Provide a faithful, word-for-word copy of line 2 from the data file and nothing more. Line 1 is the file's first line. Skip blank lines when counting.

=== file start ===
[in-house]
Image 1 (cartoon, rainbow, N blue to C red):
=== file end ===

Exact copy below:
Image 1 (cartoon, rainbow, N blue to C red):